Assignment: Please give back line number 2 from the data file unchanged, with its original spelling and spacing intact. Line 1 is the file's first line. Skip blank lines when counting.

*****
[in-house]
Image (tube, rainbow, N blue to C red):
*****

Image (tube, rainbow, N blue to C red):